Soccer is Emotion (1996)

In the South Stand, right behind the goal, sits, next to me, in section 28, row 5, chair number 7, a brand new enthusiastic fan. It is, wearing a s.c. Heerenveen cap and – scarf, our 10 year’s young daughter. At first she likes to make a chat or share a joke with all the fans on surrounding seats, even when the match is into full play. In a couple of weeks, surprisingly fast, she exactly knows the rules and to which excitement the game might be getting or is up to. She intensively experiences the critical moments in the penalty area before “our” goal.

Her interest, however, already begins before the match has even had its kick off. Always the first player to enter the pitch to start working on his warming up, is Carlo l’ Ami[1]: Stretching and other exercises to get supple and flexible. Work outs with a ball. She concludes: “Being a goal keeper is the most difficult skill, is not it?” She puts her hands as a funnel in front of her mouth and shouts, with a clear vocal: “Carlóó!” And -I ‘ll be darned- he, only for a second, raises a greeting hand. So since that moment we never do without attending a warming-up anymore, because once a fortnight this special ritual is added to every home game.

Then the tide is turning. All of the sudden -wrongly deprived if you ask me- the coach is of opinion that this agile and courageous goal keeper lacks emphasising ability towards his defenders. The worst thing to happen to a goalkeeper is the loss of his self-confidence: This only leads to (more) wrong choices and less hesitant to act. So after a shocking 0-4 crushing defeat against Ajax Amsterdam his curtain dropped.

I keep on postponing the inevitable moments of “when and how to tell my daughter”. “How about you trying to…”, I strive to make my wife complicit in revealing the problem. “No”, she says firmly, “that is your job.”   Reading our team’s line up in Saturday’s Newspaper confirms that a change of goal-keepers is harsh reality tonight. So during dinner I cautiously raise the issue. That there are so many players. And that they sometimes have to be transferred to other clubs. And have to remove to a different city. While quietly proceeding with eating her meal, I notice that I have my daughter’s full attention. So the last word has to get out. Now. “So therefore, from tonight’s match, Carlo l’Ami will no longer be Heerenveen’s goal keeper.” She takes another bite of her fried noodles and slowly chews it. Just when I am about to believe, that she has considered and accepted this fact, she carefully lays her fork and knife on either side of her dish on the table. Then two tears start running down from her cheeks, until they fall into the almost empty plate.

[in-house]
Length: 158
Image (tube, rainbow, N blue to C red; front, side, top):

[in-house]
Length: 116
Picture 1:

[1] S.c Heerenveen’s goal keeper from 1993 until 8 matches in the season 1995/1996.

 

 

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